For the first time in six years venues in Trinidad and Tobago will not see any action in the Caribbean Premier League (CPL) after organisers took a decision to appoint St Kitts and Nevis as host for the 2021 edition.
And it appears that that decision was centered around Covid-19 concerns and safety, with the CPL declaring in a press release on Tuesday that St Kitts & Nevis has no COVID-19 transmission and is one of the safest places to visit in the Caribbean.
This year's tournament, which comprises of 33 matches, bowls off on August 28, and will be contested using a similar format that worked so successfully in 2020, and which delivered a record audience of over 500 million.
Last year Trinidad and Tobago hosted all six franchise teams in a bio-secure bubble with matches contested at two venues; the Queen's Park Oval in Port of Spain and the Brian Lara Cricket Academy in Tarouba.
According to the release, the Hero CPL operations team will again be working closely with the tournament’s medical advisors, local agencies and the St Kitts & Nevis government to ensure the health and safety of all those involved in the tournament as well as the local population.
The CPL stated that the Warner Park Cricket Stadium in St Kitts, which hosted the semi-final and final in 2014, has been the scene of some of the most iconic matches in the tournament's history and its quick-scoring ground will be an ideal venue for the tournament, and fans can expect explosive cricket.
Drawing reference to Chris Gayle’s brilliant hundred against the Jamaica Tallawahs in 2019 and Andre Russell’s even more explosive century against the Trinbago Knight Riders (TKR) in 2016, the CPL noted that Warner Park has had some classic individual performances as well as some amazing matches, including a Super Over finish between the St Kitts & Nevis Patriots and TKR in 2019.
CPL's Chief Operations Officer, Pete Russell, said: “We are delighted to be able to announce that we will be having the Hero CPL in St Kitts & Nevis in 2021 and we would like to thank those involved in welcoming the tournament to this wonderful country.
"As was demonstrated during the 2020 tournament, the CPL is a massive boost for the host country with US$51.5 million delivered in sponsorship value for Trinidad & Tobago. We are really looking forward to giving St Kitts & Nevis the exposure they deserve.”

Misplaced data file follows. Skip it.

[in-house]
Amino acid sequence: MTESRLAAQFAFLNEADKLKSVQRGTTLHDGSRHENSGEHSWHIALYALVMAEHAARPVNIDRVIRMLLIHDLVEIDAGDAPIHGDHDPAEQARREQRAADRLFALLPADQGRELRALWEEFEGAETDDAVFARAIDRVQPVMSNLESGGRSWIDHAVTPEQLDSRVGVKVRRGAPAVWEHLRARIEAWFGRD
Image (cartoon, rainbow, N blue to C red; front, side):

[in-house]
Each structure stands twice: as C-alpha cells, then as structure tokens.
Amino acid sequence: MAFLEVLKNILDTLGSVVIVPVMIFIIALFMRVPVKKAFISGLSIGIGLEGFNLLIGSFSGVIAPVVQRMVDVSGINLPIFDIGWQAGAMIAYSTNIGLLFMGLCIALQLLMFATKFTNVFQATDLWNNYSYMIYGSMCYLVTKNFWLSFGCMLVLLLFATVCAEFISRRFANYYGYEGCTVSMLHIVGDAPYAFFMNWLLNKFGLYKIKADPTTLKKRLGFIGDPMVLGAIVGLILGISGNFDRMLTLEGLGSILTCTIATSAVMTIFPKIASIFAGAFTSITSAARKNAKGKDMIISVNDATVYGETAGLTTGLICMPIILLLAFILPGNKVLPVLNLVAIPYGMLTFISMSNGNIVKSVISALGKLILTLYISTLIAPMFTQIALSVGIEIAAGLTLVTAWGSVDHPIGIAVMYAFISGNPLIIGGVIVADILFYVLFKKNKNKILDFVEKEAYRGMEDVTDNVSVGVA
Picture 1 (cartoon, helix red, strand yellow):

Meanwhile, Jonel Powell, St Kitts & Nevis Minister for Education, Youth, Sports and Culture, said they are greatly confident that the hosting of the CPL will stimulate much-needed economic activity, especially for small and medium-sized local businesses.
"As it relates to COVID-19 we will maintain our vigilance to ensure that our health protocols are not compromised and that the country remains protected from any serious spread of the Coronavirus.
"It will most certainly help to revive the tourism sector that has been struggling for over a year, under the weight of the deadly COVID-19 global pandemic. Therefore, the economic impact is forecast to be significant,” Powell said.
The CPL noted that this year’s tournament takes on extra significance with it taking place in the lead up to the ICC T20 World Cup, and West Indies and overseas players will be using this opportunity to push for selection for their international teams.
The switch in host country brings to an end Trinidad and Tobago run of five consecutive years of having responsibility for some aspect of the tournament, having hosted the last five finals, 2016 and 2017 at the Queen's Park Oval, and 2018-2020 at the Brian Lara Cricket Academy.
TKR is the defending champion, having upstaged St Lucia Zouks in the grand finale last year, in a historic season where they played unbeaten throughout the entire tournament.